Shoulder

Labral- The labrum is a cuff of cartilage located in the shoulder, which forms a cup which guides the humeral head during movement. The most common injury to the labrum is a labral tear common referred to as a SLAP lession, which gives symptoms such as pain or aching in the shoulder joint, pain or weakness in the shoulder and catching of the shoulder during movement. Severe labral tears can ultimately result in instability and a dislocated shoulder.
 

Gleno Humeral Joint- The shoulder joint, formed by the glenoid cavity of the scapula and the head of the humerus.
 

AC Joint-The AC joint, (Acromioclavicular Joint) is the joint located between the collarbone, and the tip of the shoulder blade. The purpose of the joint is to help disperse the weight from the arms to the rest of the body when pushing pulling, lifting, etc. The AC joint is most commonly injured by a fall directly onto the shoulder.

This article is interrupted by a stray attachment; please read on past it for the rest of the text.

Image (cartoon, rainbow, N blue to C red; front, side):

Rotator Cuff-The rotator cuff is a group of muscles and tendons and joint capsule of the shoulder that connect the upper arm to the shoulder blade, giving it stability, as well as range of motion. Common injuries to the rotator cuff are tears, tendinitis, impingement, frozen shoulder, etc.
 

Strain/Sprain-A shoulder sprain occurs when the ligaments of the shoulder stretch or tear.  A shoulder strain is the result of the muscles in the shoulder becoming torn to different degrees (micro to complete tears) inflaming the tissue, and ultimately causing recurring pain. These injuries to the shoulder are most commonly caused by overexertion, repetitive activity or trauma.

 

Sternoclavicular Joint-This joint is where the collar bone meets the breastbone. There is a capsule around this joint, as well as ligaments to help give more support. This joint is heavily involved in moving the arms. Injury to this joint usually consists of trauma to the ligaments that give the joint support. A direct hit, or landing on the side of the body are the most common causes of injury.